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Back to basics - Finding Lenovo drivers and certify hardware, control freak style!

Aug 16 2013

There are many techniques available to find drivers and certify a new hardware model. Here follows the method I normally use. As an example I’m certifying the good old ThinkPad T420 from Lenovo for Windows 7, but you can follow this method for any Lenovo model or Windows operating system. The overview steps are the following:

  • Deploy a clean Windows 7 or Windows 8 image
  • Identify the missing drivers
  • Download the missing drivers
  • Verify that the drivers work on the machine
  • Identify if any driver applications are needed, hotkeys etc.
  • Download any needed driver applications and verify that they work on the machine

Note 1: Lenovo does provide you with model specific guides on how to install a clean Windows 7 installation (see but I wanted to provide you with a generic guide, that works for any hardware or Windows operating system. And without all the vendor crap-ware.

Note 2: Lenovo has started to make deployment-ready packages for some of it’s models (ThinkCentre M82, M92, M92p and ThinkPad Helix, X1 Carbon, L430, L530, X131e, T430, T430i, T430s, T430si, T530, T530i, W530, X230 Tablet, X230i Tablet, T430u, X230s, and T431s). Lenovo store these packages on the Microsoft System Center Configuration Manager (SCCM) and Microsoft Deployment Toolkit (MDT) Package Index page, but as of this writing (August 2013), no packages are available for the ThinkPad T420.

Deploy a clean Windows 7 or Windows 8 image

For hardware testing I typically use a MDT 2012 Update 1 offline media which I deploy from a USB stick, because it allows me to lay down a clean Windows image in about 5 – 7 minutes (assuming SSD). But you can use any deployment solution you prefer as long as it’s automated.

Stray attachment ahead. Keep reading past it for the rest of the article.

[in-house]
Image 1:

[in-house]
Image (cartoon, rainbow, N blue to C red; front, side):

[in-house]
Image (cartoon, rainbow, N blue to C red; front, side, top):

Identify missing drivers

After deploying a clean Windows image to the Lenovo ThinkPad T420 you need to find out if any drivers are missing. You can either just open device manager and look, or use PowerShell to find out which drivers are missing. The goal is to find the Device ID(s) for the devices that are missing drivers. For a quick look, using device manager is fine, but you can really do magic using PowerShell.

Note: In addition to missing drivers I always check out the Display driver as well, to find out if Windows found a “real” driver instead of the Standard VGA driver.

After deploying the clean Windows 7 image to my ThinkPad T420 device manager show the following (note that I expanded the Display adapters node):


Device Manager after deploying a clean Windows 7 image.

To find out about the Device ID for a device missing a driver you simply right-click, select properties, click the Details tab, and select the Hardware Ids Property.


Device Manager displaying Hardware Ids for “Base System Device”.

What about PowerShell? Well you can simply ask the Win32_PNPEntity class for devices that are not configured by running the below one-liner in a PowerShell prompt:

Get-WmiObject Win32_PNPEntity | Where-Object{$_.ConfigManagerErrorCode -ne 0} | Select Name, DeviceID


If you want to get fancy, and output the info to a text file, you just add Export-Csv to the command:

Get-WmiObject Win32_PNPEntity | Where-Object{$_.ConfigManagerErrorCode -ne 0} | Select Name, DeviceID | Export-CSV C:\Drivers.csv

Drivers CSV

To find out if the Standard VGA driver is being used, you can use the below command:

Get-WmiObject Win32_PNPEntity | Where-Object{$_.Name –Match “VGA”} | Select Name, DeviceID


Anyway, no matter if you were using Device Manager or PowerShell you now have a list of device drivers. The trick is now to truncate the Hardware Ids to only included Vendor and Device information, because that will help finding out what device it is when searching for it. As search providers I normally use the Microsoft Update Catalog site ( or just plain Google/Bing. Here follows a few truncate examples:

  • PCI\VEN_8086&DEV_0084&SUBSYS_13158086&REV_00\4&306CAAFA&0&00E1 becomes PCI\VEN_8086&DEV_0084
  • ACPI\LEN0068\5&2890D699&0 becomes ACPI\LEN0068

You then take the truncated value and search for it. Here follows an example searching the Microsoft Update Catalog site for the ACPI\LEN0068 device. The result tells you that the device is a Lenovo PM (Power Management) Device.


Searching the Microsoft Update Catalog site.

After searching for all the devices you can now compile a short list with valid named of the devices that are missing drivers. Here is the listing for the ThinkPad T420.